pa-agad-agad v 1To obey or to submit to someone in authority, or to fulfill someone’s request Du-on dakol no pulus ko ogpa-agad-agad ki to innangon to amoy ta. There is great value if we obey our father. Du-on ogpa-agad-agad no ogkapogos ka goinawa rin, no du-on ogpa-agad-agad no ma-ali-alì. There are those who obey against their will (lit. whose breath is forced), and there are those who willingly obey (lit. who obey who are industrious). [The meaning of this word includes, but goes beyond the concept of obedience. It is used of children obeying parents but it is also used of spouses who fulfill the requests of their partners. It also used of taking, or not taking, the suggestions of others who are respected but not necessarily in authority.] see: pamminog 1; ant: labow 3; see fr.: babali; see: tuman 1; see fr.: dinog 2.1; see fr.: tuman 1; see fr.: pamminog 2. 2To agree, or to go along with a suggestion Agad nokoy ka ignangon ku, konò ogpa-agad-agad ka inoy ku no og-ugpò diò to dangob no anak din. No matter what I said, my mother would not agree to stay with her other daughter (lit. offspring). (or ...she would not [go along with the suggestion] that she stay with her other daughter). osyn: ho-o 2.
sapon v 1To overtake (esp. in time); to catch up with. Nasapon ku rò. I was able to catch up with him. Namouri si Anna to duma rin diò to dalan su konò ogpakasapon su malopot ka pa-a rin. Anna fell behind her companions on the path because she could not keep up because her legs were short. see fr.: dagap 2; see fr.: babaloy, og=, nig= 2. 2To hurry to keep up. Ka batò, ogsaponsapon to ogluyud to amoy rin ka oghipano. As for a child, he hurries to keep up with his father as he is walking beside him.
sol-oy 1n Strap; such as a shoulder strap, strap of backpack or basket. [But a strap for one's forehead is son-ung.] see fr.: salubabat. 2v 3Anything having shoulder straps.
sulow 1v To look down upon something that’s on a lower level [Similar to pantow but when we look out we try not to be seen such as when there is an alert for raiders.] see: pantow 1. 2To look down at someone coverty, so as not to be seen. Sulawon ta ka otow. We look down at someone without being seen. Ko ogsusulow ki, layun ta ogpitawon ka otow no konò ki ogpakita kandin oyow konò ki ogtokoron. When we look down at someone, we are continually seeing the person but we don't let him see us so that we will not be recognized. see: ogpandomoldomol; see: ogbabantoy.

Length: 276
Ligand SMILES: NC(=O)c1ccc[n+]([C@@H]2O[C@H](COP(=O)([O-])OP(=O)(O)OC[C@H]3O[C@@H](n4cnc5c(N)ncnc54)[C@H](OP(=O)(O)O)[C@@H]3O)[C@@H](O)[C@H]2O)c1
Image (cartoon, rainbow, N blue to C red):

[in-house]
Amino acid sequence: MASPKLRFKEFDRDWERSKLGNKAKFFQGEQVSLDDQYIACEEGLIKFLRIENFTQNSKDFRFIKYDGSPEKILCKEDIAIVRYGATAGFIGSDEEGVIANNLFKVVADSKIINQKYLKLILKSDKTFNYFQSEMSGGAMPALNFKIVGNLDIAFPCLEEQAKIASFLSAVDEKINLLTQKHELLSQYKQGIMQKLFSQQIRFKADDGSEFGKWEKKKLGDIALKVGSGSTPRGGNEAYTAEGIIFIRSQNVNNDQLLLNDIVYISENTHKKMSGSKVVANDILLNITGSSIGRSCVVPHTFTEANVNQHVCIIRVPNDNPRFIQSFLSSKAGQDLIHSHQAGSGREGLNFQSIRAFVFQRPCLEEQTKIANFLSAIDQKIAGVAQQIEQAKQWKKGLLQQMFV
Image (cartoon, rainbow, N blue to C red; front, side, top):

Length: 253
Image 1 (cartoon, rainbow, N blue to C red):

abin v 1To claim something for oneself. Woy rin ogka-abin ko ogkapurut din on. He cannot claim it until he has taken it. Ian og-abin to ulu ka nigbaba to babuy. The one who will claim the head is the one who carried the pig. Ian dò ogpa-abinon to ulu ka nigbaba to babuy. The only one who will be designated to claim the head will be the one who carried the pig on his back. [One of the components of abin that contrasts it to alam is that something may be given or the item may have been earned in some way.] see fr.: akon 1. 1.1To have someone take something for him/herself. Niggupal on woy nigtaladtalad dan on woy impa-abin dan ka ulu to nigbaba to sikan no babuy. They cut the meat up and divided it between themselves, and then they had the person who carried the pig on his back take the head for himself. osyn: akon 2; see: indan 1. 2To claim ownership of something. Nig-abin din on no kandin no gabas. He claimed that it was his own saw. see: kuò 1. 3To acknowlege as a relationship, or someone's authority. Nig-abin ni Pablo ka pogko-uripon din diò ki Hisus su noimu sikandin no sugu-anon. Paul acknowledged his [role as] slave to Jesus because he had become his servant. see fr.: unung 1; see fr.: damoy 2; see: tokod, patokod, ogho-o. 4To claim a relationship with someone not physically related; regard as related. Nig-abin a to sikan no otow; naan din no hari a rin. I have been claimed by that person; he regards me as his younger brother. Pan-abin din ka konò no hari rin. Layun ogsulodsulod kanta. He claims relationships with those who aren't his [real] younger-siblings. He is always paling-around-like-family with us. 5To admit or confess something, such as a fault. Kagi to sikan no nigtakow, “Og-abinon ku to koddì ian ka nigtakow koykow.” That person said, “I admit that it was really me who stole from you.” see fr.: angkon. 5.1Acknowlege or claim as one's own, such as one's subjects Og-abinon ni Joaquin ka taga Maambago no sakup din. Joaquin claims the residents of Maambago as his subjects. [DB says the relationship already exists. A leader is acknowledging his subjects as his. DB says that the sense is different than that of the earlier example in which Paul acknowledges that he is a slave/servant of God.] see: tokod 1. 6To attribute one's own thoughts or actions to someone else; shift blame to someone else. Ko du-on otow no ian nakasalò, no nigbayungan din ka songo otow su igpa-abin din ka nigtakow rin no salapì. If there is a person who actually was the one who did wrong, and then he accused someone else because he was causing his theft to be attributed [to someone else]. Ka sikan no nigpa-abin din diò to songo otow, impoid din ka salò din. That which he caused to be attributed to someone else, was used to cover up (lit. rub out) his fault. see fr.: bayung₂. 6.1To take the blame or assume the responsibility for someone else's action, such as someone else's debt, or of Jesus who took the punishment, blame or responsibility for the wrong doing of other people.